Cargill Executive Chairman maps path for global food security

Posted: 17 April 2015 | Victoria White | No comments yet

Cargill Executive Chairman Greg Page urged attendees of the Global Food Security Symposium to be mindful of four principles for a food-secure world…

Cargill Executive Chairman Greg Page urged attendees of the Global Food Security Symposium to be mindful of four principles that can help ensure a food-secure world.


Noting the symposium’s focus on leveraging the global food system to fight malnutrition and improve health, Page said Cargill has a role to play in ensuring access to enough food for the undernourished and in bringing healthier foods to the market to help improve diets and health.

Executive Chairman names four principles to improve food security

Page named four key areas that should be considered to ensure global food security:

  • Appreciating the importance of price

Page said there needs to be a greater appreciation of the value of prices to signal to the world’s farmers what to produce. “We saw this in 2012 when, in the face of a severe drought in the U.S. Midwest, prices motivated farmers from South America and Central Europe to increase production, ultimately mitigating the drought’s impact on global food production and ensuring people’s access to safe, affordable, nutritious food,” said Page.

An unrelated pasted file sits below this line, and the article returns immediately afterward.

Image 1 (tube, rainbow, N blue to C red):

• Honouring the principle of comparative advantage

Page noted it will be increasingly important to honour the principle of comparative advantage in food production: “To produce the food the world will need in the most economically and environmentally sustainable way, we need agriculture and trade policies that encourage farmers to cultivate the crops best suited for their growing conditions and then trade the surpluses with others.”

  • Embracing the power of emulation

Page also said that the cumulative effects of individual behaviors can be a powerful force for improving food security and fighting malnutrition. “The Chicago Council’s Healthy Food for a Healthy World report acknowledges the power of emulation in its findings that women – in part because of their influence over their families’ diets – will be critically important to combatting malnutrition,” said Page.

  • Ensuring society’s comfort with the science of producing food

Expanding on this point, Page said food industry leaders need to enlist and engage consumers in understanding the role of science in the food system, both nutritionally and environmentally. “Science and technology are important not only to producing more food in a more sustainable way, but also to our ability to improve food safety, reduce food waste and make food more nutritious and healthful,” he said.

“Finding solutions to end hunger and reverse the consequences of poor nutrition requires trust, transparency and collaboration,” said Page. “We look forward to being part of this important work.”

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